that we love all other men. And all great mystics declare that 
they have the impression of a current passing from their soul 
to God, and flowing back again from God to mankind. 

Let no one speak of material obstacles to a soul thus freed! 
It will not answer that we can get round the obstacle, or that 
we can break it; it will declare that there is no obstacle. We 
cannot even say of this moral conviction that it moves 


mountains, for it sees no mountains to move. So long as you 
argue about the obstacle, it will stay where it is; and so long 
as you look at it, you will divide it into parts which will have 
to be overcome one by one; there may be no limit to their 
number; perhaps you will never exhaust them. But you can 
do away with the whole, at a stroke, if you deny its existence. 
That is what the philosopher did who proved movement by 
walking: his act was the negation pure and simple of the 
effort, perpetually to be renewed, and therefore fruitless, 
which Zeno judged indispensable to cover, one by one, the 
stages of the intervening space. By going deeply into this new 
aspect of morality, we should find an impression of coinci- 
dence, real or imaginary, with the generative effort of life. If 
seen from outside, the activity of life lends itself, in each of 
its works, to an analysis which might be carried on indefinitely; 
there is no end to a description of the structure of an eye such 
as ours. But what we call a series of means employed is, in 
reality, but a number of obstacles overcome; the action of 
nature is simple, and the infinite complexity of the mechanism 
which it seems to have built up piece by piece to achieve the 
power of vision is but the endless network of opposing forces 
which have cancelled one another out to secure an uninter- 
rupted channel for the functioning of the faculty. It is similar 
to the simple act of an invisible hand plunged into iron filings, 
which, if we only took into account what we saw, would seem 
like an inexhaustible interplay of actions and reactions among 
the filings themselves in order to effect an equilibrium. If 
such is the contrast between the real working of life and the 
aspect it presents to the senses and the intelligence which 
analyse it, is it surprising that a soul which no more recognizes 
any material obstacle should feel itself, rightly or wrongly, at 
one with the principle of life? 

Whatever heterogeneity we may at first find between the 
effect and the cause, and though the distance is great from 
a rule of conduct to a power of nature, it has always 
been from the contact with the generative principle of the 
human species that a man has felt he drew the strength to 
love mankind. By this I mean, of course, a love which absorbs 



and kindles the whole soul. But a more lukewarm love, faint 
and fleeting, can only be a radiation of the former, if not a 
still paler and colder image of it, left behind in the mind or 
deposited in speech. Thus, morality comprises two different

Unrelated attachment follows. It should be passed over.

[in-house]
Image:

parts, one of which follows from the original structure of 
human society, while the other finds its explanation in the 
principle which explains this structure. In the former, obliga- 
tion stands for the pressure exerted by the elements of society 
on one another in order to maintain the shape of the whole; 
a pressure whose effect is prefigured in each of us by a system 
of habits which, so to speak, go to meet it: this mechanism, of 
which each separate part is a habit, but whose whole is com- 
parable to an instinct, has been prepared by nature. In the 
second, there is still obligation, if you will, but that obligation 
is the force of an aspiration or an impetus, of the very impetus 
which culminated in the human species, in social life, in a 
system of habits which bears a resemblance more or less to 
instinct: the primitive impetus here comes into play directly, 
and no longer through the medium of the mechanisms it had 
set up, and at which it had provisionally halted. In short, to 
sum up what has gone before, we should say that nature, 
setting down the human species along the line of evolution, 
intended it to be sociable, in the same way as it did the com- 
munities of ants and bees; but since intelligence was there, 
the maintenance of social life had to be entrusted to an all but 
intelligent mechanism: intelligent in that each piece could be 
remodelled by human intelligence, yet instinctive in that man 
could not, without ceasing to be a man, reject all the pieces 
together and cease to accept a mechanism of preservation. 
Instinct gave place temporarily to a system of habits, each 
one of which became contingent, their convergence towards 
the preservation of society being alone necessary, and this 
necessity bringing back instinct with it. The necessity of the 
whole, felt behind the contingency of the parts, is what we 
call moral obligation in general; it being understood that the 
parts are contingent in the eyes of society only; to the in-* 
dividual, into ivhom society inculcates its habits, the part is 
as necessary as the whoj^jfjfow the mechanism designed by 


nature was simple, like the societies originally constituted by 
her. Did she foresee the immense development and the end- 
less complexities of societies such as ours? Let us first agfee 
as to the meaning of this question. We do not assert that 
nature has, strictly speaking, designed or foreseen anything 
whatever. But we have the right to proceed like a biologist, 
who speaks of nature's intentions every time he assigns a 
function to an organ: he merely expresses thus the adequate- 
ness of the organ to the function. In spite of humanity having